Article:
LAUREN MAYBERRY: I did an interview today with a reasonably respected British journalist and he actually asked me in the interview, “Do you think you’d like to take some time out of music in the next few years to focus on your personal life? I don’t know if you have a partner but have you considered how you would juggle children with touring?” I had never been asked that question before. I was like, “Well that’s not really your business, pal.”
CORIN TUCKER: Do you think a male musician would ever be asked that question?
MAYBERRY: Well, I didn’t want to scream on the phone at him. In my head, I was like, “I’ll find a polite way of getting out of it.” I figured if I was like, “Dude that’s incredibly rude, condescending, and offensive,” then I’m going to get tired of [being] that person who does that all the time. It’s inevitable that people are going to find out about my natural, god-given feminist rage. People are like, “Why are you angry all the time?” It’s like, I’m not angry. I’d like to think I’m a reasonably nice person, but unfortunately when those conversations come up, it does make me angry. It should make people angry. I did wonder in the interview if this guy was real-life trolling me.
TUCKER: I agree. There are so many times that as a woman in the music industry you’re asked questions no male musician would ever be asked. For me being a mom and having two kids, I don’t think men who are fathers in bands are being asked the responsibility questions, about touring with kids—up until recently. Recently there has been a cultural shift with fathers being parents, and it’s totally crucial. I do think we have a long way to go in terms of the culture around women still being career women, and asking a woman about her career and her work, just seeing them as fully validated human beings in the workplace. It’s so important that you are speaking up about this because so many women experience it and don’t have a way to talk about it. It’s incredibly hurtful and really unacceptable. If we don’t speak up about it, how do we expect to change it? Do you think that people are more prone to hateful language online, when it is anonymous?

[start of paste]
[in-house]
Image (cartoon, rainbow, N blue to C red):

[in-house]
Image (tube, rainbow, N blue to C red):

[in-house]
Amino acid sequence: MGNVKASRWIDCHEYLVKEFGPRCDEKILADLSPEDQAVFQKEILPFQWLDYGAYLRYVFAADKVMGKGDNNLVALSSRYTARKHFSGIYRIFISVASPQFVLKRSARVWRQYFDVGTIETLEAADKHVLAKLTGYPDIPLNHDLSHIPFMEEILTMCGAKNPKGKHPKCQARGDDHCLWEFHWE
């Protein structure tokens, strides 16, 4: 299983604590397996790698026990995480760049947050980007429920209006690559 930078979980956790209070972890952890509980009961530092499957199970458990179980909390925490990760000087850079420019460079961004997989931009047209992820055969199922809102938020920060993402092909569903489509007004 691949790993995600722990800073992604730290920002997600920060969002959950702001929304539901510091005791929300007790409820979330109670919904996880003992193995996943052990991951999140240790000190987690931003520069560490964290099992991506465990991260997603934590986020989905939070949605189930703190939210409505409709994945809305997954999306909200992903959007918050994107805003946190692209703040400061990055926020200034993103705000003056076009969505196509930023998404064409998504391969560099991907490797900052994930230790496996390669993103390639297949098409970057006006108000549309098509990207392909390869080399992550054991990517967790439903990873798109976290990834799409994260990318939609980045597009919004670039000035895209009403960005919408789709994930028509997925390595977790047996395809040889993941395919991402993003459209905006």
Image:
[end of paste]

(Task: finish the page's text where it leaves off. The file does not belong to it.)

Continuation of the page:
MAYBERRY: We’ve had a few things at shows, but nothing as extreme and as aggressive as we’ve had online. I think the anonymity factor really wraps it up. It’s a weird protection for people. It’s so risky, because how do you ever crack down on that without cracking down on free speech in general, which is incredibly important? A part of me thinks that Twitter and message boards are worse because of the anonymity factor. I have a personal Twitter for band purposes, but I don’t use social media a lot. I fall in a weird age gap. I was on band message boards when I was 16, but I was on the early curve of Facebook. I did it for work when I worked in media, and I did it for the band, but I can’t relate to the idea that you live your life online. Part of me feels like I don’t really get drawn into a negative way of thinking about it. For us, the Internet has been really amazing, and I think it’s a place of great passion, creativity, and knowledge. Seeing people communicate about the band online has been amazing, but I think a lot of people spend a lot of time talking about what they hate rather than what they love. I don’t want to get trapped in that.